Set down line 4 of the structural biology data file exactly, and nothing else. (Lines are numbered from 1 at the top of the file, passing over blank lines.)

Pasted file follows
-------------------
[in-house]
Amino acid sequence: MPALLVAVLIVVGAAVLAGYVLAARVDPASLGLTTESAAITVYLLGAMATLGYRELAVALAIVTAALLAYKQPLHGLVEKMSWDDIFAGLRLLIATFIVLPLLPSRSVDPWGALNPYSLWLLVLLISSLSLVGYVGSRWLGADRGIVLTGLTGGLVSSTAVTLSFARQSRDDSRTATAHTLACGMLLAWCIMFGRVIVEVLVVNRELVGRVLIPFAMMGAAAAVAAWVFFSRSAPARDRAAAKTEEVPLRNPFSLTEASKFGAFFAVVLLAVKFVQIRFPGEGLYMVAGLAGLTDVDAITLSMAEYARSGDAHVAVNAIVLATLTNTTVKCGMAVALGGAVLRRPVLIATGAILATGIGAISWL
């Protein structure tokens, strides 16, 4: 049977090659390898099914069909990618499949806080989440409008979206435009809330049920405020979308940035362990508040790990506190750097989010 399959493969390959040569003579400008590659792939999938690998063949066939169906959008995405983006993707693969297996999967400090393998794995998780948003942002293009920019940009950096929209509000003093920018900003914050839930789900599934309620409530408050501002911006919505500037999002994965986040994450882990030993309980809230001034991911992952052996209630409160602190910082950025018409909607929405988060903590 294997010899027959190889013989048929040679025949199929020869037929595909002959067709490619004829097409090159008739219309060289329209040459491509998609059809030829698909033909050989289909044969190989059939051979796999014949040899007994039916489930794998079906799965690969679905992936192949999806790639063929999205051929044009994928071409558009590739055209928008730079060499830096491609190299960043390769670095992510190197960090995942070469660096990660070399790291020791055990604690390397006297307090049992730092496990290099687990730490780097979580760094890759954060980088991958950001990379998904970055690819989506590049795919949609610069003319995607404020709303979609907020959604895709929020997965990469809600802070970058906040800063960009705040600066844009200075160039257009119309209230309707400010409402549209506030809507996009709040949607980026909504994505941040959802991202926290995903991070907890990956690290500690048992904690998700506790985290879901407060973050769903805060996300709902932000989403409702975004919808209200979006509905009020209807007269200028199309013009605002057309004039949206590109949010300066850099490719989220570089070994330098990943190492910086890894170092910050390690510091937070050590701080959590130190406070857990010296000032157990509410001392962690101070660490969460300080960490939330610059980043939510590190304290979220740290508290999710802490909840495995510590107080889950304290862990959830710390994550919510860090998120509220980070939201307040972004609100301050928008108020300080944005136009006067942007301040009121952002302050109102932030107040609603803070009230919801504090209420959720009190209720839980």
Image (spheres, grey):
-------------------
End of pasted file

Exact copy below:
Image (spheres, grey):